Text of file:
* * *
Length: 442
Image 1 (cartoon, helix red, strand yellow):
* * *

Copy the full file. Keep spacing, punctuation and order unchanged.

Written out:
Length: 442
Image 1 (cartoon, helix red, strand yellow):